Posts Tagged Industry
Surely a Contractor Must Know the Job?
Wouldn’t you think a contractor, or a sub-contractor must know the work in order to be awarded a contract? Evidently this is not a requirement any more. How can a business award contracts, then hire someone else (who previously undertook the work) to instruct the new sub-contractors how to do it? Seems to me there’s something wrong with this equation.
To my mind, the contractor knows the work. He hires workers able to undertake the tasks, and instructs the workers how to do the job. Isn’t that the way it works. Apparently not. Sub-contractors get contracts without more than a very basic level of skill. I’ve had a welding team in the past month that may be OK to knock up a set of burglar bars or a braai stand, but have no idea how to run a weld for a pressure vessel. Hell, this so called contractor doesn’t even have an argon rig… they arrive on site with a couple of oil filled AC arc boxes – those kind you buy at Game or Makro.
I had a really unpleasant task this morning: Telling my crew I will be moving on to hopefully greener pastures.
It’s one thing to fire a worker for an infringement, another thing altogether to have to tell them they will be out of a job in the near future. Worse still when two of these guys have been part of a team for so many years.
It Could be Worse
Still it could be worse. They have about 4 months to find alternatives, and I have colleagues who I know will take on my long-term crewmen. Nor will they be left destitute, the two blokes who have been part of my crew for many years will have decent severance packages.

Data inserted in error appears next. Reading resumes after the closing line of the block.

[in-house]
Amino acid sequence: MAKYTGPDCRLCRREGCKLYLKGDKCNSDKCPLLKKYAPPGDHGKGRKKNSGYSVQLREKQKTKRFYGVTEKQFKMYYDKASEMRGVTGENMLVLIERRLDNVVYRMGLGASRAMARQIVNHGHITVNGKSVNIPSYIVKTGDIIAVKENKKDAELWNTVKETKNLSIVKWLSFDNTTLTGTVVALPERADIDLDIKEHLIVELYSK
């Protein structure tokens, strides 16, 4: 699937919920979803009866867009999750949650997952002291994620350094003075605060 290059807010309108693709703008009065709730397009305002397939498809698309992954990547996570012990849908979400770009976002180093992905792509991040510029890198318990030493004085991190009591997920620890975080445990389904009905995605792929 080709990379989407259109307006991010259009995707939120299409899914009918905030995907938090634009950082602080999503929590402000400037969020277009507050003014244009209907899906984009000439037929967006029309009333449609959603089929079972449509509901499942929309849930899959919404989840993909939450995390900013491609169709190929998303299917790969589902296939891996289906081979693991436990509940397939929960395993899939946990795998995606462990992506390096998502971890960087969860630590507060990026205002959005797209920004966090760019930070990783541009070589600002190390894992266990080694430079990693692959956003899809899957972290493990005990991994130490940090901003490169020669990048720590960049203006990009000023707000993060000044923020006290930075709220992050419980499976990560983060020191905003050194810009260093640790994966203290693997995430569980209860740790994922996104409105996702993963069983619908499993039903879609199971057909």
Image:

Thomas Plaaitjies could probably retire if he wanted to. Faisal is a darn good artisan, and learns fast too. The other two youngsters leave with good practical experience and on-the-job skills training.
I have worked in the industrial contracting sector for nigh on thirty years, first as an apprentice boiler maker and welder, later for myself as a subcontractor. The job has been good to me: I never expected to get rich, and definitely that is the case… but I have enjoyed the work, the camaraderie of fellow workers in this rough and tough industry…
I have had the opportunity to build a small succesful business, and have a core team of workers who are reliable mostly, some who have been with me a long time, one who has stayed through thick and thin since I started out for myself.
Times Changing, Time to Change
I work mainly for a few prime contractors, one of whom provides about 80% of my work. It’s been a good arrangement, they procure the work, manage part-time workers, and take care of much work I would otherwise have to do – and spending time negotiating for contracts is time out of earning a living.
If anyone is wondering why I have not posted recently, the answer is simple: Three weeks of solid work have taken every minute of my time. I haven’t had a line in the water since the beginning of the month. Jen is wondering if she’ll ever get to have a meal with me again…
Such is my working life; days, weeks sometimes even a month or two with no work whatsoever, followed by non-stop 7 day weeks. This time it was one of the spin-off industries that developed from Mosgas/Petrosa. When I first arrived in Mossel Bay, there was not much in the way of large industry. Much of the industrial activity revolved around commercial fishing and the port.
How things have changed. The natural gas industry developed in the mid to late 1970’s becoming one of the largest employers and contributors to the local economy. These days it seems most of the work I do is in some way related to this industry.
Time now to visit the rocks, throw a few baits before picking up the good-lady at 16hoo (And trying to convince her to spend the evening with a rod in her hands!)